This is why we can’t have nice things – shopping version

This is tax-free shopping weekend in TN. Tax-free weekend is like a ten percent off coupon. It’s a popular excuse to cram all your back to school purchases into three days. People who think shopping is an athletic competition probably love tax-free weekend. For everyone else, it’s far less fun.

Tax-free weekend drivers are horrible. When I say horrible, I mean rude, selfish and completely unconcerned about traffic laws. Imagine u-turns in the middle of the road, traffic jams that have people blocking intersections while the light changes from green to red and back to green again and the special snowflakes who deliberately block other drivers from merging. The parking lot driving is even worse. Mad Max style parking space battles and a steady stream of middle finger waving are unbecoming in a community that usually epitomizes southern hospitality. At one point yesterday, my reward for backing up three inches to see behind the giant SUV on either side of my parking space was a car racing up behind me, stopping directly behind me to pin me in, a 30-second horn blare and a single finger display. Thank you parking lot vengeance lady, you taught me a real lesson about absolutely nothing.

Alas, the extra special behavior is not limited to people traveling to and from their retail destinations. The behavior inside stores is a veritable cornucopia of personality quirks that are too unpleasant for any sitcom characters.

Have you met the Moses shopper? This person expects everyone else in the store to stop standing at a display rack and move out of the way for them. If you don’t automatically part a pathway for the royalty that is Moses, they will TELL you to move. It doesn’t matter f you just stepped up to the rack and are reaching out to pull something down. When Moses approaches, you must cease your shopping and wait. Moses does not wait.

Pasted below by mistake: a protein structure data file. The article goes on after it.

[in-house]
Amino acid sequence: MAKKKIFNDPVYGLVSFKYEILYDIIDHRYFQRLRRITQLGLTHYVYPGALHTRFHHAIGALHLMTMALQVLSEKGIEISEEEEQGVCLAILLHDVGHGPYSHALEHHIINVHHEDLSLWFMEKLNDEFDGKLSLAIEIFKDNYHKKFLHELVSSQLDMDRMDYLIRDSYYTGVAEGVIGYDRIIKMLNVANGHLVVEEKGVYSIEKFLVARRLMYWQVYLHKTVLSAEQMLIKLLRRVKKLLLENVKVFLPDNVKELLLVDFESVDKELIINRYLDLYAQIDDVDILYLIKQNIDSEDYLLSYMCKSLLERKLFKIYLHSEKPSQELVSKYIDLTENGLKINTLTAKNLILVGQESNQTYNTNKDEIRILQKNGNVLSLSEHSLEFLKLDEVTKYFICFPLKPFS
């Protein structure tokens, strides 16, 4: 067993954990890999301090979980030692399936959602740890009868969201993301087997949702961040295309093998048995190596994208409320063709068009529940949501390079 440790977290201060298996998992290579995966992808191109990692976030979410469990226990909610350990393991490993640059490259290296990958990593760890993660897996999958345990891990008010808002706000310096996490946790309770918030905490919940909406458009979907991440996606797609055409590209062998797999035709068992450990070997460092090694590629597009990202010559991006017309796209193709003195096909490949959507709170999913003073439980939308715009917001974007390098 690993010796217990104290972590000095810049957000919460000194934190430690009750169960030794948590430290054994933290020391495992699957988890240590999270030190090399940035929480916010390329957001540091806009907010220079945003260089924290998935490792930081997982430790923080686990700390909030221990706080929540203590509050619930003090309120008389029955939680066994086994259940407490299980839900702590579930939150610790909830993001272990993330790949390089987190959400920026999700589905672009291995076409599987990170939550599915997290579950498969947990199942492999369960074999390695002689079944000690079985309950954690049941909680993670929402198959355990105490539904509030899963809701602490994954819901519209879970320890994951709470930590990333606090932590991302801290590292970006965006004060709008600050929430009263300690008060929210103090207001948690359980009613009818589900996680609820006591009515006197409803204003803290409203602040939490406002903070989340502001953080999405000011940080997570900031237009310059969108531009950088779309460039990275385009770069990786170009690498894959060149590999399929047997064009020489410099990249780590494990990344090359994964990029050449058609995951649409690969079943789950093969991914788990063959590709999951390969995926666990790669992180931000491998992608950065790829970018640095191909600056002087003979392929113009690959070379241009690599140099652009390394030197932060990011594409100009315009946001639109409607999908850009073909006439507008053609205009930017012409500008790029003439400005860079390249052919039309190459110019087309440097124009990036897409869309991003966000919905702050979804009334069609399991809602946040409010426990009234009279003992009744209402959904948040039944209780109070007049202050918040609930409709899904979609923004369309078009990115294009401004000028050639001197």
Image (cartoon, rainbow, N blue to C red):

When hopping backwards to wait for Moses to commandeer someone else’s spot in the store, watch out for the children who nobody else seems to be watching. While I give these children huge points for whatever imaginary game they have created while stuck indoors on a perfect summer day, they are quite literally tripping other customers. With speed that would make Dash Parr jealous, the self entertained children of shoppers zip in front of, around and between unsuspecting shoppers without warning and offer zero apologies for the people bowled down in their wake.

There are also children who aren’t bouncing off customers like pinballs in an arcade. Sadly, there is at least one parent in every store who uses their child’s stroller as a battering ram and bulldozer. The sting of a stroller being deliberately slammed into your ankle is intended to clear the path, much like the Moses shopper, but it doesn’t take a physicist to know that this behavior could result in someone falling ON the stroller with a very small child trapped inside. Stroller bullies don’t care. Maybe they think that the mountain of clothes on hangers with jagged edges and sharp pins in packaged shirts that are carelessly thrown atop the tiny child will protect that child when someone’s grandmother collapses on the stroller after being rammed in the back of their knees.

The most vile and unredeemable character in the stores is the shoplifter. Everyone sees them. Nothing seems to deter them. We need to rise up and collectively shame the parasitic shoplifters. Evil eye doesn’t phase shoplifters, but what if we all agree to evil eye AND point silently at shoplifters until they slither out of the store and crawl back home without loads of stolen merchandise.

Honorable mentions go to the shopper behind you who sighs loudly and complains every time you stop your cart for a millisecond and the shoppers who completely block an aisle with their carts while they chat and laugh as though the coffee cups in their hand were cocktails.

Shop faster and shop slower simultaneously. Shopping is fun, except when it isn’t.

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